As a depiction of the events on the day of American President John F. Kennedy’s assassination on November 22nd 1963 – as well as the three days in the immediate wake of the killing – Parkland doesn’t cover any historical or narrative ground that hasn’t been touched on before, nor does it go out of its way to create melodrama. Peter Landesman’s debut feature is a taut, suspenseful 90 minutes that hits all the proper talking points but does it in a remarkably visceral and fast paced fashion with an all star cast of wonderfully slotted performers.
Parkland looks at that fateful day through the eyes and feelings of those forced with bring a degree of truth to the day’s proceedings. There are the local doctors who tried to save Kennedy’s life (Zac Efron, Colin Hanks), tailor and unwitting future conspiracy theory rallying figure Abraham Zapruder (Paul Giamatti), shooter Lee Harvey Oswald’s grief stricken and confused brother (James Badge Dale), the FBI agent who let the Oswald walk ten days prior (Ron Livingston) because he thought the guy was a nut, and the Secret Service head (Billy Bob Thornton) who can’t fathom being the only person to lose a president in a century while on duty.
Their lives are all indelibly changed by the incident, but some more interestingly than others, and Landesman’s film suffers by feeling at times like an underbaked TV pilot where not everyone is given equal footing and feeling. As fine as Efron and Hanks are, their stories wrap up pretty early and easily because their feelings of grief and disappointment in themselves really doesn’t have the biggest cultural impact. Ditto for Thornton and Livingston, whose lawmen have such specified issues tied to the case that Landesman never quite finds himself able to wrap them into the story as a whole. Only Giamatti and Dale get a chance to shine through their thinly sketched characters for moments of real, deep dramatic work, but the latter gets stuck next to a dreadfully hammy and sneeringly villainous mama Oswald, making his work even harder.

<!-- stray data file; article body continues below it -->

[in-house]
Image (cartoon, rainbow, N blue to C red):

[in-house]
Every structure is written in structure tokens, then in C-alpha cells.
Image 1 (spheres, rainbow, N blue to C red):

These characters are fine as snapshots, and it’s probably key to understanding Landesman’s thesis that there’s no room for catharsis when a tragedy is so high profile and swiftly moving towards some sort of justice. If anything, Landesman’s instincts and sense of balance are in the right place, and while maybe things could stand to actually be a bit longer and better explained, it’s at least a no-bullshit distillation of one of American history’s most defining events that hasn’t been attempted before. It gets more right than it does wrong, making the ambition worth it in the end.